Antifragile 19. The Philosopher’s Stone and Its Inverse

Following the schedule of our reading calendar.

Taleb presents us in this short chapter with what is probably the central message from his book. A method for analyzing the fragility of systems that should replace the risk assessments in decision making. The basic idea is to measure how the payoff of a system varies under different assumptions and compare if eventual benefits in the best situation are bigger or smaller than eventual harm in the worst situation.

This comparison should define the system as fragile, robust or antifragile and should give us enough information to make decisions about that system. This method is independent of the probabilities of occurrence of the best and worst scenarios and so, it is not dependent of the quality of the risk assessments which cannot be very accurate.

Taleb considers this idea so important that he names it as “The Philosopher’s Stone” after the hypothetical method that alchemists searched during centuries to transform metals into gold.

It is indeed a powerful idea and by itself makes the reading of the book worthwhile.

Chapter 18: On the Difference Between a Large Stone and a Thousand Pebbles

Following our reading calendar, we have reached chapter 18.

In this chapter Taleb tries to present the concept of non-linearity for the reader that has no knowledge- or interest- in mathematics, and plays with the idea of convex versus concave curves to give a simple, graphical representation of it. This is mostly getting back to ideas from The Black Swan or Fooled by randomness on how the an impredictable single event can be a really lot more harmful than a thousand small shocks.

There are a couple of examples on traffic jams -a quite common resource for talking about non-linear effects- and a more interesting discussion about regularity in our food ingestion. Taleb makes a compiling argument that our digestive systems are not designed for eating regularly and proposes a more biologically realistic system of fasting and gorging (getting back to the barbell strategy).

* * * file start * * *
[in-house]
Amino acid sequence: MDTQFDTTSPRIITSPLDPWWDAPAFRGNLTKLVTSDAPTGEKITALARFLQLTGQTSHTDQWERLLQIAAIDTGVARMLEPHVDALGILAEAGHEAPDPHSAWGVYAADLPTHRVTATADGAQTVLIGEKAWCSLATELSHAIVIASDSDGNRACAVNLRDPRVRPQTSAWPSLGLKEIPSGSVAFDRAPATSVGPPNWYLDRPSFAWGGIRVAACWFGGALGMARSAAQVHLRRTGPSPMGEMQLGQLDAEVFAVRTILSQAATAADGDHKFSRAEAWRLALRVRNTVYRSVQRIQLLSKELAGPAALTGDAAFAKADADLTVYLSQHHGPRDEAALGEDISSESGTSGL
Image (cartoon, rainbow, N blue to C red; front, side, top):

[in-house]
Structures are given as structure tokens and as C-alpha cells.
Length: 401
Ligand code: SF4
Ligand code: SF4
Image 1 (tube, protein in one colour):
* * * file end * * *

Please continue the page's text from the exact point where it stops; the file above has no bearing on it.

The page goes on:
Another interesting discussion about size, and how small is a lot more antifragile than big, applied to both animals and financial markets. Following a similar reasoning, in a recent post in Facebook, Taleb argued in favour of the Scottish independence due to the smaller size of the country it would create, instead the bigger United Kingdom.

I specially enjoyed his discussion on why planning tend to underestimate the cost of any project until the budget ends doubling, or even more. Before reading this chapter, I tended to attribute to the planning fallacy -as did Taleb before he started reflecting on the subject- that this was due to randomness, to unexpected drawbacks. But, as he explained, this didn’t happen in the past, so the real cause of such miscalculations is the complexity of our world, plus the agency problem: the divergence between the interests of the agent and the client. In the end time itself is responsible: